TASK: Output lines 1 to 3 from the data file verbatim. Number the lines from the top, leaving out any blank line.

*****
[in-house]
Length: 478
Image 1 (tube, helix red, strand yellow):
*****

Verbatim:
[in-house]
Length: 478
Image 1 (tube, helix red, strand yellow):